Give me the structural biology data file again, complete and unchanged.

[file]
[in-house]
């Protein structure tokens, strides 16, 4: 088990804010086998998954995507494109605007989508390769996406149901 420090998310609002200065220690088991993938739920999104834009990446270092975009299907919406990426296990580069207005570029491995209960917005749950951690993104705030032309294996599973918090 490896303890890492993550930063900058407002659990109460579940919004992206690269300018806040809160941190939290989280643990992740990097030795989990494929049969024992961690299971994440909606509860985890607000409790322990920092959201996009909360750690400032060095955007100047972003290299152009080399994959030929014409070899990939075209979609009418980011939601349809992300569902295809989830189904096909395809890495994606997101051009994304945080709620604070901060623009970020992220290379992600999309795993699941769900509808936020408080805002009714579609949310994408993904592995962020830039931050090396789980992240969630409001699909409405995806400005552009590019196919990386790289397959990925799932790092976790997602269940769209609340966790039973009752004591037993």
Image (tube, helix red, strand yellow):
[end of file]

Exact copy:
[in-house]
């Protein structure tokens, strides 16, 4: 088990804010086998998954995507494109605007989508390769996406149901 420090998310609002200065220690088991993938739920999104834009990446270092975009299907919406990426296990580069207005570029491995209960917005749950951690993104705030032309294996599973918090 490896303890890492993550930063900058407002659990109460579940919004992206690269300018806040809160941190939290989280643990992740990097030795989990494929049969024992961690299971994440909606509860985890607000409790322990920092959201996009909360750690400032060095955007100047972003290299152009080399994959030929014409070899990939075209979609009418980011939601349809992300569902295809989830189904096909395809890495994606997101051009994304945080709620604070901060623009970020992220290379992600999309795993699941769900509808936020408080805002009714579609949310994408993904592995962020830039931050090396789980992240969630409001699909409405995806400005552009590019196919990386790289397959990925799932790092976790997602269940769209609340966790039973009752004591037993």
Image (tube, helix red, strand yellow):